SHIRLEY — At a previous meeting of the Ayer-Shirley Transitional Regional School Committee, Ayer interim Superintendent George Frost said transition funding for the new regional school district was virtually money in the bank, with $300,000 in federal stimulus funds promised by the Department of Elementary and Secondary Education for the purpose. Now, he’s just as sure the money will come through, he said. But there are hoops to jump through first.

The source the department plans to tap is the state’s share of funds from the American Recovery and Reinvestment Act. At the earlier meeting, Frost explained that to receive the promised money, the nascent district — which won’t be operational for another year — had to set up a Local Education Agency with a business manager and treasurer. The transitional regional committee voted to create the agency and make the necessary appointments.

At its June 10 meeting, Frost updated the transitional regional committee on the status of the funds, with a new wrinkle in the process. At a recent meeting of the Massachusetts Association of Regional Schools, he learned that a grant application must be filed for the federal money, he said. But he viewed the application as just one more step, not an impediment. Officially a competitive grant, others may be vying for the same funds. No problem, as Frost sees it. “It’s called competitive, but that $300,000 is earmarked,” he said, citing assurances from Chris Lynch, a representative the education department. “Hopefully, that means we can get the money early.”

But the money won’t come in a lump sum. The delivery system is half up front, with monthly requests for the remainder. “That could pose a problem” with cash flow and purchasing power, Frost said. For example, hiring a consultant to steer the region in its choice of employee insurance plans, as the transitional regional committee previously discussed. Still, he’s confident the issue can be worked out, Frost said.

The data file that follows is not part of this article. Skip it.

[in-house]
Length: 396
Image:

Building Authority Update

Frost also updated the board on his ongoing colloquy with the Massachusetts School Building Authority about a pending request to approve the region’s first building project, which calls for renovations and an addition to the Ayer middle-high school building. Frost has said the first step would be a feasibility study and a funding bid put before Ayer voters, probably at the fall town meeting. With authority approval, that expenditure could be rolled into total reimbursement for the project, up to 68 percent.

At the May meeting, Frost said the information packet the building authority had asked for would be in the mail in a couple of days. It called for a laundry list of data, including enrollment figures for Ayer and Shirley, past, present and projected. But when the agency received the packet, it was not satisfied with the source of enrollment information. That source was a study for the former three-town Regionalization Planning Committee (with Lunenburg) done by the New England School Development Council, a non-profit educational organization with 300 district affiliates.

It was simple to extract Lunenburg data, Frost said, but the building authority wants the development council to do a stand-alone study for Ayer and Shirley.

“They want their own, even though we have the three-town study,” he said, adding that it will require working with building inspectors in both towns to provide statistics. But whatever it takes to get the job done, the administrative teams are prepared. “We’ll do it,” he said.